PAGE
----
Why move to the Netherlands?
It’s been a long time since I last updated this blog, mostly because I’ve been working my ass off at The Happy Coeliac and my own personal ramblings seemed a little pointless. More than 6 months after we decided to make a move to the Netherlands, we are now here in Haarlem, and I think that my life might have got sufficiently interesting to start writing about it again.
A surprising amount of people have asked me this, as if it is a random and unexpected decision. It was actually rather carefully considered. Our conversations went something like this:
Me: We need to get out of London/the UK.
Me: What about USA?
Alex: Cars, pollution, ignorance, religion, healthcare costs, violence.
Alex: Maybe. Quite far away though. Might be tricky to move there permanently, not sure if there is work out there.
Me: Germany? France? Denmark? Italy? Australia? New Zealand?
Alex: Too many rules, too socialist, too cold, too difficult to get anything done, too far away, too slow internets.
[Some time later]
Me: What about the Netherlands?
Alex: I really enjoyed my time there before.
Me: I like the cycling and the laid-back culture.
Alex: They have a good work-life balance.
Me: It’s pretty, with good air quality.
Alex: It’s not too far away from our families.
Me: The quality of housing is better.
Alex: They have superfast broadband.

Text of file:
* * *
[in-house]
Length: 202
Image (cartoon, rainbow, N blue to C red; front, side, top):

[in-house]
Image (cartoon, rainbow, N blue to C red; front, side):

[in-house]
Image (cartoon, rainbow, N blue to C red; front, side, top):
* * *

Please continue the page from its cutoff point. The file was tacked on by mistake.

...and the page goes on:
Me: I can start a line of gluten-free hash brownies and become a squillionnaire!
Alex: Are there any downsides?
Me: We don’t speak Dutch?
That was actually the only downside we could think of, aside from moving away from our families. Everything else just seemed like a positive. Now that I’ve had a good 3 days experience of the life here, I am pleased to report that my expectations seem largely grounded in reality. Our landlord is friendly and helpful. People smile at you. Bikes and pedestrians rule the roads. The air is wonderfully clean, and my chronic sinus inflammation has gone down (after flaring up in 2009, when I moved to London).
That’s not to say things won’t be difficult as we learn the language, make friends and start a new life here. I’ve been feeling an unexpected culture shock, as I am tongue tied whenever a shop assistant asks me a question. I feel I have to apologise for not speaking the language. I am not used to the fact that cars will slow down for pedestrians, so I have developed a kind of twitchy walk.
But overall I feel that this has been a positive step for Alex and I. London never really suited either of us, so I hope we’ve found a place that we will one day, without hesitation, call home.